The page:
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One Country: A Bold Proposal to End the Israeli-Palestinian Impasse (Englisch) Taschenbuch – 21. August 2007

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  • Taschenbuch: 227 Seiten
  • Verlag: Owl Books; Auflage: Reprint (21. August 2007)
  • Sprache: Englisch
  • ISBN-10: 0805086668
  • ISBN-13: 978-0805086669
  • Größe und/oder Gewicht: 12,7 x 1,4 x 20,3 cm
  • Durchschnittliche Kundenbewertung: 4.0 von 5 Sternen  Alle Rezensionen anzeigen (1 Kundenrezension)
  • Amazon Bestseller-Rang: Nr. 258.095 in Fremdsprachige Bücher (Siehe Top 100 in Fremdsprachige Bücher)

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Über den Autor und weitere Mitwirkende

Ali Abunimah, a Palestinian-American, is the co-creator and editor of the Electronic Intifada Web site. A graduate of Princeton University and the University of Chicago, he has written for the Chicago Tribune, among other publications.

Leseprobe. Abdruck erfolgt mit freundlicher Genehmigung der Rechteinhaber. Alle Rechte vorbehalten.

One Country
An Impossible Partition
UK foreign secretary Jack Straw stood at the dispatch box in a packed House of Commons. After parrying members' questions on the intricacies of European Union (EU) budgetary reform and sugar subsidies, he became more ebullient when debate turned to the Middle East peace process. He commended Prime Minister Ariel Sharon for his "courage" in pulling Israeli settlers out of Gaza and declared, "I am more hopeful about the prospects for a lasting peace between Israel and the Palestinians than I have been at any time in the past four and a half years." Straw boomed, "I believe that gradually both sides have recognized that the only future for Palestinians and Israelis lies in peace and in two states."1 Straw could have learned something from those who had stood at the dispatch box before him. It was the British government after all, one still flush with colonial territories, that had in the 1930s first given its official imprimatur to partition as the solution to the conflict between Jews and Arabs in Palestine. Partition failed then, as it is failing again today, as it has failed every time it has been seriously proposed, always forthe same reason: There is no workable partition that is acceptable to a majority of Israelis and Palestinians.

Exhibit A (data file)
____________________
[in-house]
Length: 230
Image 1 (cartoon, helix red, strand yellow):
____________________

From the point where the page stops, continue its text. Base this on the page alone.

Partition of Palestine into one homeland for Jews and another for Arabs was first endorsed as a government plan in 1937. That year, the Palestine Royal Commission, headed by Lord Peel, formed after disturbances in Palestine and the outbreak of the Arab revolt, proposed to divide the country into two states, with the British retaining control of Jerusalem and a corridor leading to the port of Jaffa. The proposed Jewish state would include all of the Galilee in the north and the coastal plain down to the south of Tel Aviv. The Arab state would comprise all the rest of the country. Even with this plan, expectations of settling on a fair border between the two entities were low. "No frontier can be drawn," the report warned, "which separates all Arabs and Arab-owned land from all Jews and Jewish-owned land." The problem was the Arabs, or more specifically, the quantity of them: There were simply too many. While the area allocated for the Arab state would have contained only 1,250 Jews, the Jewish state would have contained more than a quarter of a million Arabs. "It is the far greater number of Arabs who constitute the major problem," the report concluded. Because it was impossible to construct a viable Jewish state given these facts, the Peel Commission recommended solving the demographic "problem" through the removal, "voluntary or otherwise," of all Arabs from the proposed Jewish state not just to other parts of Palestine, but even across the frontier to Transjordan (modern-day Jordan), a solution that today would properly be called ethnic cleansing.2
A year after its release, the Woodhead Commission scuttled the Peel plan because it found that, at a minimum, the proposedJewish state would have an Arab population of 49 percent. The commissioners could not agree on any other partition scheme, and one member concluded that no form of partition was practicable. 3 In 1939, the British government issued a new White Paper on Palestine that also reversed the Peel Commission's key findings. Instead of partition, it endorsed a unitary state in which Arabs and Jews would have equal rights.